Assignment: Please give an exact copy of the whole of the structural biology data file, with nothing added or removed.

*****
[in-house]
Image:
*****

[in-house]
Image: